Have you ever sat down and imagined the capabilities and limitations of Big Data – a term we give to drawing insights by applying analytics to the ever-growing amounts of digital Information? Sometimes, it seems tempting to think that Big Data can do anything. With big data, you can tell what is likely to happen; you can find unexpected relationships as well as monitor situations as they develop. We are going to look at managing traffic menace using big data, but first, let us briefly look at the term'smart city.' A smart city is an umbrella of terms used to describe the act of designing a city or an urban development that is more agile and sustainable to support life – in areas cutting across roads, traffic control, sewerage systems, security, health and all other aspects of technology.
Idling in rush-hour traffic can be mind-numbing. It also carries other costs. Traffic congestion costs the U.S. economy $121 billion a year, mostly due to lost productivity, and produces about 25 billion kilograms of carbon dioxide emissions, Carnegie Mellon University professor of robotics Stephen Smith told the audience at a White House Frontiers Conference last week. In urban areas, drivers spend 40 percent of their time idling in traffic, he added. The big reason is that today's traffic signals are dumb.
Smart transportation systems are one of the seven key categories of city infrastructure that can be made intelligent in smart cities. Yet what does it mean for a city to actually deploy an IoT sensor network and smart transportation system, especially for traffic management? And what kind of benefits will cities get if they do make such an IT investment? Internet of Things sensors for traffic management have a large impact on improving traffic flows and reducing congestion and pollution, all of which improve quality of life, resident safety and have the potential to boost economic activity and productivity. Such sensors can also improve pedestrian safety and save lives, as Portland, Ore., and many other cities hope to do.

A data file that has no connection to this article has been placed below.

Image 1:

There are many factors which cause the global population to fluctuate, with the post world-war II baby boom causing the most significant increase. Although population growth comes with many positive factors, such as increased numbers of workers, expansion of tax bases and increased consumer spending at local businesses, it causes huge strain on resources and cities. As the Internet of Things continues to become more embedded in our everyday lives, it can help improve the negative effects of urban migration we face today. Urbanization refers to the natural shift of the population from rural to urban areas, usually a result of job hunting and searching for a better quality of life. The United Nations has predicted that by 2050, about 64% of the developing world and 86% of the developed world will be urbanized.
Smart cities and smarter projects have been among the most actively discussed realizations made possible by IoT, data, connectivity and by leveraging a mix of varied technologies. The interest in smart cities continues to grow, driven by a range of socioeconomic and technological developments across the globe. A smart city responds to the challenges of our time and quality of life. It also ensures that the city meets the needs of future generations -- In terms of economic, social and environmental issues. In short, it is a good place to live with the best possible quality of life and most efficient use of resources.